In addition, key international organizations such as the U.N. Counter-Terrorism Committee Executive Directorate (CTED) and the International Institute for Justice and the Rule of Law (IIJ) have developed guidelines on the effective use of battlefield evidence to help guide countries seeking to use such material for purposes of investigation and prosecution. The State Department has long supported the Commission for International Justice and Accountability, a non-profit that has worked to exfiltrate documents seized in Syria for the purpose of supporting national (and international) prosecutions.  In addition, pursuant to UNSCR 2379 (2017), an independent investigative team – the United Nations Investigative Team to Promote Accountability for Crimes Committed by Da’esh/ISIL (UNITAD) – has engaged in important work under UN auspices to support the domestic efforts of States to hold ISIS accountable for its terrorist activity.

Notably, one of the most innovative, cutting-edge, and institutionally developed multilateral platforms in existence for this kind of collaboration is the DOD-led initiative called “Operation Gallant Phoenix.” This multilateral platform provides a uniquely broad information and intelligence-sharing network across approximately 30 countries to assist in tracking the travel of foreign terrorist fighters and to ensure participating countries have information and evidence that permit successful investigations, prosecutions, or other actions to ensure such threats are neutralized. According to U.S. Marine Corps General Joseph Dunford, a former chairman of the Joint Chiefs of Staff, “It allows nations to collaborate and share information and be able to get it back to law enforcement to deal with the foreign fighter challenges.”

Combined with more routine, institutionalized forms of information-sharing, such targeted efforts can help ensure that countries to which foreign fighters are repatriated have the evidence needed for fulsome investigations, successful prosecutions, and effective border screening. In addition, having this information/evidence available may also make international partners more inclined to pursue repatriation as they will have greater assurances of an effective disposition option in their own courts.

Conclusion

Battlefield detention by non-state groups is increasingly common and has been recently brought into focus by events in Syria where, as part of the international effort to counter ISIS, the United States and coalition partners have worked “by, with, and through” a non-state armed group. This approach, however, has created a detention conundrum: States rely on non-state groups for counterterrorism operations, but they are simultaneously reluctant to accept the return of terrorists captured and detained by those partners in the course of operations.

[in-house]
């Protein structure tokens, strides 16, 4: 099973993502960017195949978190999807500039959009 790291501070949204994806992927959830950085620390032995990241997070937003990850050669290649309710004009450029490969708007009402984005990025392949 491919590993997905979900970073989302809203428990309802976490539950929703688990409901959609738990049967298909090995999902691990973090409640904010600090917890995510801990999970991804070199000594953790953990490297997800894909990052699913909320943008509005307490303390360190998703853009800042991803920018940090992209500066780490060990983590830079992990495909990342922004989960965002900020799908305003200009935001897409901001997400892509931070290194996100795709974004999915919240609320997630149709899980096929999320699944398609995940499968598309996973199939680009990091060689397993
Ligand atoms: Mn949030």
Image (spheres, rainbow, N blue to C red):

Specifically in Syria, SDF partners have signaled that they do not have the capacity or authority to continue detaining captured foreign fighters. At the same time, the countries of origin of these fighters cite a range of legal obstacles to accept their return. The combination risks the release of dangerous individuals.

But international law requires States to make “best efforts” to bring foreign terrorist fighters to justice. That means the transfer of foreign fighters from the custody of a non-state entity to government authorities for prosecution, rehabilitation, or other appropriate means of preventing their return to terrorism. States that lack that political will to do so must take a hard look at their legal regimes and institutions and make the reforms needed so that they can effectively live up to their international legal obligations. As U.S. Marine Corps General Kenneth F. McKenzie, commander of U.S. Central Command (CENTCOM), has emphasized, “This problem will not go away by ignoring it, and can only be addressed by the international community working together to accept its shared responsibilities.”

IMAGE: A fighter with the Syrian Democratic Forces (SDF) monitors on surveillance screens, prisoners who are accused of being affiliated with the Islamic State (IS) group, at a prison in the northeastern Syrian city of Hasakeh on Oct. 26, 2019. Kurdish sources said around 12,000 IS fighters including Syrians, Iraqis as well as foreigners from 54 countries were being held in Kurdish-run prisons in northern Syria. (Photo  FADEL SENNA/AFP via Getty Images)

 

About the Author(s)

Dan E. Stigall

Counselor for International Affairs for the National Security Division, U.S. Department of Justice. Follow him on Twitter (@danstigall50). The opinions expressed are not necessarily those of the United States Department of Justice or the Department of Defense.